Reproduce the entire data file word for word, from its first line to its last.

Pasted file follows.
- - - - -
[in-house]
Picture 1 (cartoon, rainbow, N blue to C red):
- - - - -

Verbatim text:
[in-house]
Picture 1 (cartoon, rainbow, N blue to C red):